Getting involved with wargaming (Part 1)

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Testing the water

 

One must assume that if you are showing the slightest interest in playing wargames that you have been exposed to some aspect of the hobby. This may be through computer strategy games like Age of Empires or by glancing through magazines, or even knowing people who play. Whatever, your interest has been sparked. What can you do to find out more?

The easiest solution is to approach someone who already plays wargames. They will have access to rules, miniatures and a gaming table, All you need to do is try and get your head around the instructions. But if such a person is not available, you have a problem. Wargaming requires, as the Americans put it, socialization. You will communicate avidly with the opponent. This, as a rule, does not happen during competitive board and computer games – there is either deafening silence or a barrage of highly abusive insults. In comparison, wargaming has a social aspect which suggests beer, pizza and conversation, not necessarily in that order. At the very least you will need one like-minded person with whom you can share the fun. With Internet access, a printer and possibly some dice or a pack of cards, you’ll have everything else you need to get started. It’s always important to find out whether you’ll enjoy something before you make any serious investment.

Wargames require an agreed set of rules – even the most amicable game can turn nasty if there is a disagreement. Remember those school yard arguments when playing cowboys and Indians: “You’re dead” … “No I’m not, you missed me!”. At freewargamesrules you can find a wide range of rule sets, mostly in pdf format, that you can use for free. Spend a bit of time and look at the game mechanics – find one you understand and that is not too complicated or obscure. The only other thing you’ll need is figures. So take inspiration from all those old strategy board games and use counters. Cut up some card (say an old breakfast cereal box) to the required size and write appropriate titles on one side. Now you’re ready, clear the table and get down to some serious gaming.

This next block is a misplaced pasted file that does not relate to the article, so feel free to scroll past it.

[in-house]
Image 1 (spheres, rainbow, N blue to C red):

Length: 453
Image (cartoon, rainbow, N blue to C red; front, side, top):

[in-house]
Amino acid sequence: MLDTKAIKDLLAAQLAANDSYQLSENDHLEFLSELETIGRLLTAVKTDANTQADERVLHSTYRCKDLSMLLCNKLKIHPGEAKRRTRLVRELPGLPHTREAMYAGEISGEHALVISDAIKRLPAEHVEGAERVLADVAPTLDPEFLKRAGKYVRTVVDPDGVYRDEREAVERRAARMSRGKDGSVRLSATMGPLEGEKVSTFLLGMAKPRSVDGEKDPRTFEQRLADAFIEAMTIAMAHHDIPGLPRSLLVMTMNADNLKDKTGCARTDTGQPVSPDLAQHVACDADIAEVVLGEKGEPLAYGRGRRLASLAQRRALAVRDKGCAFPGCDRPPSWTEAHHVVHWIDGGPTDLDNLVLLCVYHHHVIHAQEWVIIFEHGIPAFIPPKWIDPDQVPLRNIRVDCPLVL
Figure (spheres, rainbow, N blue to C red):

At this stage you could improve the aesthetics of your game by enhancing the quality of the counters. Adrian Delves of White Metal has created a couple of DBA Cutout Armies which feature top-down images of Ancient Brits/Gauls or Polybian/Early Imperial Romans. Alternatively you can buy a box or two of plastic, 1/72 scale soldiers produced by Revell or HäT Industrie and stick them on your previously created card counters. If you are truly evil you could raid your kid’s (or a younger sibling’s?) toy box for Playmobile or lego figures.

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